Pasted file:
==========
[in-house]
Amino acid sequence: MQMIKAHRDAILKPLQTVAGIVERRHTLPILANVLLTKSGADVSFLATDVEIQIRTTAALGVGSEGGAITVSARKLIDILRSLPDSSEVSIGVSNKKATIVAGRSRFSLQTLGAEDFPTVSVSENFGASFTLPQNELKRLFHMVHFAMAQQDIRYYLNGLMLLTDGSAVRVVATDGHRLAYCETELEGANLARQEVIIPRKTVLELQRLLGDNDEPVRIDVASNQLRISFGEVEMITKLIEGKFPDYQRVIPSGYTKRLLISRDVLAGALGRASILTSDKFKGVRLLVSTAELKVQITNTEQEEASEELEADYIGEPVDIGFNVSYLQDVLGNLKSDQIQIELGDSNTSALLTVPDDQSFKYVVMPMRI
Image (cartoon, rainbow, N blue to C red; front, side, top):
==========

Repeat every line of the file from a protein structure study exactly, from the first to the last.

[in-house]
Amino acid sequence: MQMIKAHRDAILKPLQTVAGIVERRHTLPILANVLLTKSGADVSFLATDVEIQIRTTAALGVGSEGGAITVSARKLIDILRSLPDSSEVSIGVSNKKATIVAGRSRFSLQTLGAEDFPTVSVSENFGASFTLPQNELKRLFHMVHFAMAQQDIRYYLNGLMLLTDGSAVRVVATDGHRLAYCETELEGANLARQEVIIPRKTVLELQRLLGDNDEPVRIDVASNQLRISFGEVEMITKLIEGKFPDYQRVIPSGYTKRLLISRDVLAGALGRASILTSDKFKGVRLLVSTAELKVQITNTEQEEASEELEADYIGEPVDIGFNVSYLQDVLGNLKSDQIQIELGDSNTSALLTVPDDQSFKYVVMPMRI
Image (cartoon, rainbow, N blue to C red; front, side, top):